Floating tea candles are a gorgeous way to enhance a centerpiece or to create a romantic mood as they float in a pool. The really cool part is that floating tea candles are easy and super cheap to make. Plus they’re fun.
You can start from scratch
You’ll need a pound of wax, some wicks (the type with the metal centers), candle safe colorant (optional) and fragrance (either essential oil or fragrance oil).
- Candy thermometer
- Double boiler
- The wax:
You can use any kind of wax you choose. Paraffin, soy or beeswax all work well and have about the same lasting power.
- The colorant:
Make sure you get candle safe colorant. You’ll find it in your local hobby store and there are numerous places online to buy it. Just be sure to add it in no more than the recommended amount to your wax otherwise the quality of your candles will be compromised.
- The fragrance:
You’ll need about ½ ounce of candle safe fragrance or 1 teaspoon (about 5ml) of essential oil. Fragrances designed for candles come in just about any aroma you choose and they’re a lot cheaper than essential oils. If you opt to use essential oil(s) in your candles, consider using lime, lavandin, orange, spearmint, spruce or pine. You can also use cinnamon and clove, but these should be in low concentrations. These oils, according to the aromatherapy candle making gurus last the longest, have the lowest risk of irritation and are the most cost effective.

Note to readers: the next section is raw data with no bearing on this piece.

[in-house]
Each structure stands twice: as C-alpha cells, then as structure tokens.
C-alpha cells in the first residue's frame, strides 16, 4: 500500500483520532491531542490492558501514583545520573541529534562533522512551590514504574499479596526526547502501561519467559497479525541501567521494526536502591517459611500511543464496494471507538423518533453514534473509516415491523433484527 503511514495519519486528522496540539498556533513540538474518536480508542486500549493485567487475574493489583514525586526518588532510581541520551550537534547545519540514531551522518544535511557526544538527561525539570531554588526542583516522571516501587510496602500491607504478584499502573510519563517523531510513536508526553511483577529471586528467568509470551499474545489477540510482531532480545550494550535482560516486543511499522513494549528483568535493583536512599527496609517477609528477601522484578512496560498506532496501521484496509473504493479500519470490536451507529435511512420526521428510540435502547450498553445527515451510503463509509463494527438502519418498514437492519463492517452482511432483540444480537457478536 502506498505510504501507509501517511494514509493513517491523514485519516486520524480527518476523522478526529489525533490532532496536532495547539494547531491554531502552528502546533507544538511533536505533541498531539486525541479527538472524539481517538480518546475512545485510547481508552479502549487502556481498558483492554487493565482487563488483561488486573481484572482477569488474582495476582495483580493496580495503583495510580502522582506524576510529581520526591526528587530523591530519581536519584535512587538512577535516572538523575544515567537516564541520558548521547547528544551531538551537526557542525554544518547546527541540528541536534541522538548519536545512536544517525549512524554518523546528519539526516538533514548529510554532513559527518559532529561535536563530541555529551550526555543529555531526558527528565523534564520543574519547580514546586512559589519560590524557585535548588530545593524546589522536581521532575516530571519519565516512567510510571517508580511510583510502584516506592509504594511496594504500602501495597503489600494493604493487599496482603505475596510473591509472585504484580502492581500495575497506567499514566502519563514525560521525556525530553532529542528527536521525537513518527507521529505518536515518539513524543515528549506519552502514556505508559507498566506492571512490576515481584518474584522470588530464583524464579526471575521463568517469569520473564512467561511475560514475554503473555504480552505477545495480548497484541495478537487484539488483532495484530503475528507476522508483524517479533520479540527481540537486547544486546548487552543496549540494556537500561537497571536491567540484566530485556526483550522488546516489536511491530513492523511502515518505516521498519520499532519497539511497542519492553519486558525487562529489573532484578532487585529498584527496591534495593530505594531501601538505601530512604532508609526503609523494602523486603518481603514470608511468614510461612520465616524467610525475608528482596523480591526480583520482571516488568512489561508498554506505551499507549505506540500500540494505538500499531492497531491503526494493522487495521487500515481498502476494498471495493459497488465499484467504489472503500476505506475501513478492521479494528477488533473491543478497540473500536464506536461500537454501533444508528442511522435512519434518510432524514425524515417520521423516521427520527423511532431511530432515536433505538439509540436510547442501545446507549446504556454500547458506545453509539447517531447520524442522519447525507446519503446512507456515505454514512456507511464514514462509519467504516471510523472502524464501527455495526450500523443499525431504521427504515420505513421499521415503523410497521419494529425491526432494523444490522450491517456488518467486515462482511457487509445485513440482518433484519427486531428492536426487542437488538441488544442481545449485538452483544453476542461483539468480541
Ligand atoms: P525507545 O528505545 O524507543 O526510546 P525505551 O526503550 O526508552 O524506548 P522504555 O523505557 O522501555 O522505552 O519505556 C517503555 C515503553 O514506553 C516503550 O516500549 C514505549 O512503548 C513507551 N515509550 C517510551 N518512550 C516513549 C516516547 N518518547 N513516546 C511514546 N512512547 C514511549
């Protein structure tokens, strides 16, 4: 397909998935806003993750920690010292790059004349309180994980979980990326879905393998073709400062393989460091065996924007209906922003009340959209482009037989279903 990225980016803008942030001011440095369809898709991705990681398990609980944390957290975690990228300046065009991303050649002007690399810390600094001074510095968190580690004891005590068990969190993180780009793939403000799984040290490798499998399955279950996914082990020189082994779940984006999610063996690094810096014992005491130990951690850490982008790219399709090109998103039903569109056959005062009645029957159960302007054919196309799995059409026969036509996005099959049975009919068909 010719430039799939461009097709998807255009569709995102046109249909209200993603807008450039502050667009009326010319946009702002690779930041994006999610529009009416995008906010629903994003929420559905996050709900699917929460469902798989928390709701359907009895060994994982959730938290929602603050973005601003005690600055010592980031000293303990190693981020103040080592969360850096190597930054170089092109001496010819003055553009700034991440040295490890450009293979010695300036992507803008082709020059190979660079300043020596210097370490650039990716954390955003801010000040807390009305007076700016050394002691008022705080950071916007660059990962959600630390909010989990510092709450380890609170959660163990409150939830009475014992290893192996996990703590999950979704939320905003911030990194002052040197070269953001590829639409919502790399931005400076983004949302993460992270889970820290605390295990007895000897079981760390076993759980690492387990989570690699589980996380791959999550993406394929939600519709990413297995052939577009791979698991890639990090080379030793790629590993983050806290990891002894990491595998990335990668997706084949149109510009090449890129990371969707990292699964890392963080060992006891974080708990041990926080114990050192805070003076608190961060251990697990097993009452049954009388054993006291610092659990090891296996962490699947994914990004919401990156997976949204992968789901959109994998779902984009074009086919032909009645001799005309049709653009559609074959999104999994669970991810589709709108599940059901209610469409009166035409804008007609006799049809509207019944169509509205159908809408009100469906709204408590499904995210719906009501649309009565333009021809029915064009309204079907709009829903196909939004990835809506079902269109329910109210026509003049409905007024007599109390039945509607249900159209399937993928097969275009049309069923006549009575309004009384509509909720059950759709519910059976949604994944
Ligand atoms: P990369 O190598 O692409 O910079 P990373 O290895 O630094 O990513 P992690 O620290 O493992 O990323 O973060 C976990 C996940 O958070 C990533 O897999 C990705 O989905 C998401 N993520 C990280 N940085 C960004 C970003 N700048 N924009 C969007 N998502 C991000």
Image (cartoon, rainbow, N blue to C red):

- The wicks:
We suggest the zinc core wicking. You’ll need the wicks long enough to extend above your candle ¼ inch. You’ll find these at good hobby stores and in many online sites.
Heat the candle wax in a double boiler to the recommended temperature. You will need a candy thermometer. Remove from heat and add colorant. Allow to cool slightly then add your fragrance. Pour into tea candle holders. Allow candles to harden about 48 hours.
Put the tea candles back into a water bath just long enough to loosen the wax. Remove the candle carefully. When all your tea candles are removed from their holders, pour wax over the wick tab at the bottom of each of the candles to seal them. You now have floating tea candles.
You can also make floating tea candles out of an existing candle. I found an absolutely wonderful blog post by a gal who thinks a lot like we do here at SpaFromScratch. You can read what she has to say at http://www.theartofdoingstuff.com/how-to-make-floating-candles/.
Floating candles are not only easy to make they’re cheap and fun to make. They’re perfect when you need a gift for a friend’s birthday or a gift giving holiday. They also make an ideal housewarming gift. They can be packaged in netting with a bow or wrapped in a small box. If you want to add an extra touch, you can include a bowl in which to float the candles.
Now go have fun and relax.